Goodman believes that both racism and the distrust in the medical system that comes along with it have been allowed to brew in the background for far too long. "Black Americans have been a subordinate class in this country, whether we want to admit it or not, since the time of slavery," she says. "The way our society is set up, we often don't think to protect our most vulnerable. And so when a group is vulnerable, they're often blamed for their vulnerability, even though social, political, and other structures have usually set up society so that the vulnerable remain vulnerable."
Black health care professionals, such as Dr. Fabguyi, Goodman, and Thompson, are working to reverse the harm and do what the larger medical system is still struggling to do: talk to vaccine-hesitant Black Americans with empathy while acknowledging their skepticism.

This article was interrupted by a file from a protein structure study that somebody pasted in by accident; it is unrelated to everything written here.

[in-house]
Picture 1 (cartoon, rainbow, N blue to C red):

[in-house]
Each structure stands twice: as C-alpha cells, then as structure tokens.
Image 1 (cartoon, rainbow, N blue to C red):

"We need to be honest and appreciate the fact that the skepticism is valid," says Goodman. "The health community has not treated [Black] communities well. These communities often are not the first to receive new and novel and important medical care. So when you want to give someone something first and you've never given them something first, I think a little skepticism is warranted."
As it is, the health care system is not serving Black people with respect. "[Black people] won't go see the doctor or their provider due to fear, or lack of information, or maybe in some cases, condescending remarks or feeling like they are not being heard, or given good alternatives," says Dr. Fabguyi.